WRITING FOR TELEVISION
For over a year now, in between writing books, I’ve been working on a pilot for a new TV show. Yes, I’m aware that I stand a better chance of winning the lottery or being struck by lightning than getting anything I write on film, but my labor is free and the time would otherwise be spent on the couch watching reruns of Law & Order—so, what the heck. Somebody’s gotta win, right?
Turns out, what you need to pitch a TV series is not that overwhelming—nothing like a 100,000 word manuscript, right?
First, you need a script of the pilot episode. It only needs to be about 40-45 pages, the length of an hour television show minus those pervasive commercials, and if you’ve ever seen a script you know that those pages are mostly white space. Easy, right? That’s what I thought when my first book was optioned and I had to convert the full-length novel into a 90 minute script. Nothing but dialogue, none of that beautiful prose or scene-setting descriptions or getting characters logically from point A to point B. But as short story writers know, when your words are limited, every single one has to be vital. And that’s not easy at all.
Along with this script you need to send a packet of other information. One item will be the character sketches of all the main characters and brief descriptions of minor ones. Who are they, where do they come from, what makes them tick, and most of all what do they want? All the rules that apply to writing books, of course, also apply to writing for film: 1) They have to want something in every scene. 2) We have to care about them in order to care what happens to them. 3) State their problem on the first page and don’t resolve it until after the last commercial break.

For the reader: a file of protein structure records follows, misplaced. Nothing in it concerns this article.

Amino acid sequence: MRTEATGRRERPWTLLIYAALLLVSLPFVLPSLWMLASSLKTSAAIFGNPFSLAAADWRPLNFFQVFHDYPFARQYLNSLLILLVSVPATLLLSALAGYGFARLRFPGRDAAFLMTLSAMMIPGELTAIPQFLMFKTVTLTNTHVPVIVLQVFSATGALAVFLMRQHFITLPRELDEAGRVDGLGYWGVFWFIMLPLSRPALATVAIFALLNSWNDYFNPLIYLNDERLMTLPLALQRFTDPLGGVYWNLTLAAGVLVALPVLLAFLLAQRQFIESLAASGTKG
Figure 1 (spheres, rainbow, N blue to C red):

You may need a page on setting/location. If you’re writing a sci-fi series that’s set on another planet, you will have to spell out what this place looks like, how it functions, how humans came to be there and how they’re doing in this alien landscape. If your story is set in current day suburbia, much less explanation is needed and might be incorporated on the pitch page.
The pitch page is, in a way, the summary for all the other pages. It describes the show, the intended audience, the intended channel and time slot, other comparable shows, and the feel for what your show is: Light? Dark? A vehicle for social issues? A comedy of human errors? It will include your tagline(s)—you know, like an elevator speech on steroids. “It’s a cross between Dragnet and Gunsmoke!” “In space no one can hear you scream—unless it’s with laughter!”
Then, the bible. This is the plan for the first season of future episodes, one by one, plus at least a summary of seasons two through five. You need to illustrate your plan for where the show is going, where the characters are going, and that your original concept can carry a series for as long as necessary without running out of plots. This is not so easy. Maybe in something like Battlestar: Galactica where the long-term plan was to escape the Cylons and find Earth, but characters in more everyday lives don’t really goanywhere…we just tend to lope along from day to day doing what we must. Fortunately, the rule here is: shorter is better. One advice guru I found said all episode summaries should be two sentences only: one for the ‘story of the week’ and one sentence charting the progress of the characters’ arcs.
And that’s it. Stuff it all in an envelope or email, ship it off to Hollywood, and wait for the checks to roll in.
Except I forgot to mention the hardest part of all. All these pages have to be fun to read. They have to be more than creative, they have to be can’t-put-down incredibly entertaining. Because, as we all know, the average human being’s attention span has dwindled to that of a gnat, and if you’ve ever seen The Playeryou know that it’s less than that in Hollywood. Griffin Mill explains that he hears about fifty pitches a day, and the studio gets 50,000 submissions per year. But they can only afford to make perhaps 12 motion pictures per year. I can’t find the exact quote, but it was something along the lines of “this means I have to say ‘No’ 18,249 times a year.”
So good luck.
Now, a challenge to the reader: Give me the tagline for the series you’d like to see on TV!